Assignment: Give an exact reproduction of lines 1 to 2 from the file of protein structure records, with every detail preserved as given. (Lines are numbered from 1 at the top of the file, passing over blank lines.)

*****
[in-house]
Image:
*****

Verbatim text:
[in-house]
Image: